Similar Products Used: Adcom GFP555, Conrad Johnson PV10
OVERALL
RATING
4
VALUE
RATING
5
Taniane   Audio Enthusiast [Oct 15, 2003]
Strength:

No 300% distributor, dealer, retailer, advertising, etc markups. The schematics of this product are available readily (book: Audio Reality) there is nothing to hide here. Very reliable. Sounds amazing.

Weakness:

Supplied volume pot needed to be replaced due to low level channel imbalance. This is easily solved and may not be necessary depending on how much low volume listening you do. Non uniform chasis size - not that any such thing exists. But it is generally less wide than many other components. Unable to audition locally. However there are a number of associates which may be able to demonstrate the unit to you depending on if there are any in your area.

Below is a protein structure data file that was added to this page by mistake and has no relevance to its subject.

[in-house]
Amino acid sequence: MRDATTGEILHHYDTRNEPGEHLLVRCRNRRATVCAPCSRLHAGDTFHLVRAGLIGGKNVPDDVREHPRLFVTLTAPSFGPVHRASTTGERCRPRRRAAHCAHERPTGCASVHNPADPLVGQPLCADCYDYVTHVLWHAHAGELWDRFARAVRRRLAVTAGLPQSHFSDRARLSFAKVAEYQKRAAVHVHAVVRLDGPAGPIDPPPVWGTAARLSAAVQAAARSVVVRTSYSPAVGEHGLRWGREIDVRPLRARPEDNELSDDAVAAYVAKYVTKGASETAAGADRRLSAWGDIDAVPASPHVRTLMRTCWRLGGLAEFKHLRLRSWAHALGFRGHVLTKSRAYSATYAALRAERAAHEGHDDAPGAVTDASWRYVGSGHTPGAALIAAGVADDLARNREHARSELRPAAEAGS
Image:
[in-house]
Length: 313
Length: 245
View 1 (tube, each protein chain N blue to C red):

The Transcendent Sound Grounded Grid is the best sounding preamp I've heard - solid state or valve based. There is nothing tubey about this preamp - it's lightningly quick and silent as a tomb and reliable! I bought it as a learning excercise, I didn't expect to to replace my existing preamp (Musical Fidelity A3CR Pre). Should you need extra inputs - adding them is childs play. A quick trip down to my local electronic parts retailer, $10.00 later and two more sets of inputs. Order the kit, assemble it yourself and save yourself $300. Building it yourself is a great learning excercise and surprisingly easy. There is plenty of room to work inside the chasis. All the parts are clearly seperated and instructions are well illustrated. You won't know what you're missing until you've tried it. Giant killer indeed.

Similar Products Used: Musical Fidelity A3, Rega, Electrocompaniet, Linn, Rotel, Krell, seperates.
OVERALL
RATING
5
VALUE
RATING
5
paul661   Audio Enthusiast [Nov 12, 2002]